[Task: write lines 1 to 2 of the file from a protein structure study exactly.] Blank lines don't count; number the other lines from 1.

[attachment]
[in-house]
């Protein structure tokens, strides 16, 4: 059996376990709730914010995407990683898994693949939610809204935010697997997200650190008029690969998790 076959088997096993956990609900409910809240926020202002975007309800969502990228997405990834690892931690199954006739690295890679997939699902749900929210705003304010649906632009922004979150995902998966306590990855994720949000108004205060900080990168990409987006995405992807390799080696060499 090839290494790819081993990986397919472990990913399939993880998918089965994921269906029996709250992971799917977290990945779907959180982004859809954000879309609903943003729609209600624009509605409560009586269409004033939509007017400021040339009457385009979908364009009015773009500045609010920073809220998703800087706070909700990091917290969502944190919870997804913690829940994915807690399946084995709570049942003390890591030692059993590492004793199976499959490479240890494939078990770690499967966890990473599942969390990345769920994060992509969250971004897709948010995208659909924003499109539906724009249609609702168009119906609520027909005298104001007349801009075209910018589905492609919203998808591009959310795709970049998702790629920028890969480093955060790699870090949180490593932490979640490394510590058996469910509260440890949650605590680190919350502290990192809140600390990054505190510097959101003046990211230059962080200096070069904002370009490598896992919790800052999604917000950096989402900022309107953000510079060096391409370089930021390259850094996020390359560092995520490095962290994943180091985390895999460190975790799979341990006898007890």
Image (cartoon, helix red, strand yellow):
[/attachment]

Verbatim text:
[in-house]
């Protein structure tokens, strides 16, 4: 059996376990709730914010995407990683898994693949939610809204935010697997997200650190008029690969998790 076959088997096993956990609900409910809240926020202002975007309800969502990228997405990834690892931690199954006739690295890679997939699902749900929210705003304010649906632009922004979150995902998966306590990855994720949000108004205060900080990168990409987006995405992807390799080696060499 090839290494790819081993990986397919472990990913399939993880998918089965994921269906029996709250992971799917977290990945779907959180982004859809954000879309609903943003729609209600624009509605409560009586269409004033939509007017400021040339009457385009979908364009009015773009500045609010920073809220998703800087706070909700990091917290969502944190919870997804913690829940994915807690399946084995709570049942003390890591030692059993590492004793199976499959490479240890494939078990770690499967966890990473599942969390990345769920994060992509969250971004897709948010995208659909924003499109539906724009249609609702168009119906609520027909005298104001007349801009075209910018589905492609919203998808591009959310795709970049998702790629920028890969480093955060790699870090949180490593932490979640490394510590058996469910509260440890949650605590680190919350502290990192809140600390990054505190510097959101003046990211230059962080200096070069904002370009490598896992919790800052999604917000950096989402900022309107953000510079060096391409370089930021390259850094996020390359560092995520490095962290994943180091985390895999460190975790799979341990006898007890």